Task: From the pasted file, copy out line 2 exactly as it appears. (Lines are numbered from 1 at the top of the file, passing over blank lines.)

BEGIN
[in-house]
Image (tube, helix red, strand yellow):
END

Image (tube, helix red, strand yellow):